By Helen Bartrop Hocking:
The Bude, Stratton & District Old Cornwall Society gathered in The Parkhouse Centre on Lady Day evening to listen to the lecture ‘Grenville Estate and the development of Bude’ as researched by their newly elected President, Richard Michael Heard.
Starting with a quick recap of Part One, delivered many months previously, Mr Heard addressed the audience with his usual vigour. A local historian of Kilkhampton and Bard of the Cornish Gorsedh he has now read about 1600 letters of local evidence on out-going matters, concerning landowners and tenants, stored these days across the border in the Barnstaple Records Office.
Going back to a time when Old Cornwall Society was but a twinkle in its founder’s eye, the ‘talk’ included items from the Archives, such as a rare photograph of the ‘pitch and putt’ from 1904, and another of ‘Marine Terrace’ clad as it was with slate roofs, before it disappeared altogether from existence. Confined to history and those with a mind to remember, it was demolished to make room for ‘The Grenville Hotel’, the foundation stone of which was laid in 1909, the same year the Electric and Gasworks was started on.
Primarily, this story was about the Granvilles, Carterets and Thynnes but mention was also made of the Acland family. They built The Crescent, Vicarage Road, Breakwater Road and later, Lynstone Road, Killerton Road and Holnicote Road. Their Manor House of Ebbingford was once used as Vicarage to St. Michael and All Angels Church.
The name of ‘Summerleaze Beach’ comes from the days when Bude properties and grazing cliffs, were leased for the summer months, such as the beautiful red brick, ‘Beach Villas’ of Summerleaze Terrace.
Stratton Hospital started in 1869 and paid a nominal rent to Rev. Lord John Thynne of £2 p.a. Bude Railway Station, also built on Thynne lands, opened in 1898.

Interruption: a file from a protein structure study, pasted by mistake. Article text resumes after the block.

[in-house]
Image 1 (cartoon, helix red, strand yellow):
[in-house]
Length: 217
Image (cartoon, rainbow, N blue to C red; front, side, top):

Maer Estate was sold to ‘Bude Land & Building Co. Ltd’ in 1901. Thereafter Down’s View and Crooklets came to be, with Ocean View Road and the rest to follow directly.
Determined by the Governmental requirement of ‘Death Duties’, in July 1911 at The Tree Inn, Stratton, approx.1,550 acres of Morwenstow property was put up ‘for sale’ from the Estate of the late Francis J. Thynne. In the same year, the population of Bude was only 1,594 people. By 1918 most of the Stratton properties had also been sold by the family but they retained a prestige in the local area for many years.
A photograph shows Anita Constance Thynne, of Penstowe Manor, opening the Poughill Hall in 1932. Her brother-in-law, Captain George Augustus Carteret Thynne of Trelana House in Poughill, had duly inherited the rest of the Estate on the death of her husband, she having borne him no heir. A World War II memorial stone was raised by the Thynne family in honour of the brave men lost to Kilk, and stands proudly in place to this day.
Society ‘talks’ are due to commence again in September.